Wrongful Death of a Child or Elderly Person
During wrongful death lawsuits in New York, courts and juries are given the unpleasant task of assigning a monetary value to a human life. Because the amount of damages awarded in wrongful death cases is based on financial loss, the wrongful death of an elderly person or child may make it difficult to arrive at a proper verdict or settlement amount.
If you suffered the unfortunate loss of a child or elderly relative, our New York wrongful death attorneys can help explain your legal options and how to best protect your right to compensation. To contact our wrongful death lawyers in New York today, complete our FREE case review form.
Wrongful Death of a Child
When an adult dies as a result of another’s negligence, the financial loss suffered by the remaining family members is relatively simple to quantify. For instance, when a mother or father dies, their child may seek damages for the loss of the parent’s income and guidance. When a child dies, however, the parent’s recovery is limited to their monetary loss, which is typically small.
When presented with a wrongful death case involving a child, the court will determine the financial loss based on the following factors:
- The child’s age, life expectancy, habits and work expectancy
- The earning potential of the child
- The relationship of the child to the claimants
- The age and health of the claimants
As stated above, the recovery of monetary compensation when it comes to the wrongful death of children is generally small, especially based on these factors; the younger the child is, the more difficult it can be to pin down how much the parents or family members bringing the claim are owed. For example, if parents were making a claim for the wrongful death of their teenager, it might be easier to predict what the future earning potential and life expectancy of the child would have been, based on work habits in high school and overall health record. On the other hand, it would be very difficult to determine the earning potential or life span of a 6-year-old, since he or she would have had less time to develop.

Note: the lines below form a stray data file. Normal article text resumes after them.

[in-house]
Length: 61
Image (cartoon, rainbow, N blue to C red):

Wrongful Death of a Fetus
In some states, a case can be brought for the wrongful death of a fetus. Since it is already difficult to quantify the financial loss a family suffers when a child dies unexpectedly, it is even more challenging to determine the financial contributions a newborn baby would have made to a family throughout his or her lifetime.
Often these types of claims are made against the doctor or medical staff who handled the birth, if the parents feel that their unborn child would have survived if not for some negligent or intentional actions on the part of the doctor during labor. A similar claim might also be made if the parents believe that the doctor handling the birth prescribed drugs to the mother that harmed either the mother or child, contributing to the death of the fetus.
In New York State, you cannot bring a wrongful death claim for the passing of a fetus. It is a good idea to speak with an attorney who is well-versed in your state’s wrongful death laws, as they will be able to guide you through the process if you can, in fact, make a claim for the tragic death of a fetus or newborn child.